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GraphQL, Just Get Out of My Way and Give Me What I Want

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GraphQL, Just Get Out of My Way and Give Me What I Want

In this post, we take a look at a rebuttal to a pro-GraphQL position that is perhaps a little overzealous. Do you agree?

· Integration Zone ·
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One of the arguments I hear for why API providers should be employing GraphQL is that they should just get out of developers' ways, and let them build their own queries so that they can get exactly the data they want. As an application developer, we know what we want from your API. Do not have us make many different calls to multiple endpoints, just give us one API. Let us ask for exactly what we need. It is an eloquent, logical argument when you operate and live within a “known bubble,” and you know exactly what you want. Now, ask yourself, will every API consumer know what they want? Maybe in some scenarios, but in most situations, developers will not have a clue what they want, need, or what an API does.

This is where the GraphQL as a replacement for REST argument begins breaking down. In a narrowly defined bubble where every developer knows the schema, knows GraphQL, and knows what they want, GraphQL can make a lot of sense. In the autodidact alpha developer startup world, this argument makes a lot of sense and gets a lot of traction. However, not everyone lives in this world, and in this real world, API design can become very important. Help people understand what is possible, learn the schema behind an API, and become more familiar with an API until they have a better understanding of what they might want. I’m not saying GraphQL doesn’t have a place when you have a significant portion of your audience knowing what they want, I’m just saying that you shouldn’t leave everyone else behind.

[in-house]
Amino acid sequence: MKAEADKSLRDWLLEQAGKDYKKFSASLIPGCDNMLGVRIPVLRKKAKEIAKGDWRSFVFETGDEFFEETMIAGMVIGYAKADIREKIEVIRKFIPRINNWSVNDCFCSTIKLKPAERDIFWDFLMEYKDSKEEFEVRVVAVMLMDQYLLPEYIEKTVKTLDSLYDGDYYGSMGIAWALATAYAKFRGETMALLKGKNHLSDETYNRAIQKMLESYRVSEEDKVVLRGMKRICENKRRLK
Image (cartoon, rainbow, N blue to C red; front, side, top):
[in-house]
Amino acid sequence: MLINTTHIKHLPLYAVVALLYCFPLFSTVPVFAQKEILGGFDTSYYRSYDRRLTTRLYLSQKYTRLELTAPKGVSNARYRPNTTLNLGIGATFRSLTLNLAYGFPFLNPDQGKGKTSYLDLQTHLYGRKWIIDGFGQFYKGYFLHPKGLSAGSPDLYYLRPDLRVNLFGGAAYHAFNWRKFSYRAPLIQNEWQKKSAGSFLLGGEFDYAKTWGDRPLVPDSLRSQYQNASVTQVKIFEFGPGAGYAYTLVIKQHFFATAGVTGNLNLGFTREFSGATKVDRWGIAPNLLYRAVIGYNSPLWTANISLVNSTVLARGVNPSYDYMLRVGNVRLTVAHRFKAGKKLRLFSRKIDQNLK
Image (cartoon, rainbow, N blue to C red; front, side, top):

To further turn this argument on its head, as a developer, if I know what I want, why make me build a query at all? Just give me a single URL with what I want! Don’t make me do the heavy lifting and work to craft a query, just give me a single URL with minimal authentication, and let me get what I need in one click. Sure, it will take some time before you can craft enough URLs to meet everyone’s needs, but it will be worth it for those who you can. You can always craft new paths based upon requests, and yes, you can also augment your web APIs with a GraphQL endpoint for those neediest, most demanding developers who love building queries and know exactly what they want. I guess my point is that there are a lot of definitions of knowing what you want and how APIs can satisfy that, and not everyone will be in the same mindset as you.

Now I have to bury in this last paragraph the fact that I’m not anti-GraphQL. I am anti-GraphQL being sold as a replacement for simpler, resource-centered web APIs (aka REST). So if you are going to come at me with the "Y U HATE GraphQL" response – don’t. I’m just trying to show GraphQL believers that they are leaving some people behind with a "GraphQL only" approach unless you are 100% sure that ALL your API consumers know GraphQL, know your schema, and know what they want. GraphQL is an important tool in the API toolbox, but it isn’t the one size fits all tool it is often sold as. After much contemplation and working on the ground within enterprise groups, I am trying to put GraphQL to work in more use cases where it makes sense, and before I can do this, I have to push back much of the misinformation that has been peddled about it and undo the damage I am seeing on the ground.

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Topics:
graphql ,apis ,rest ,integration

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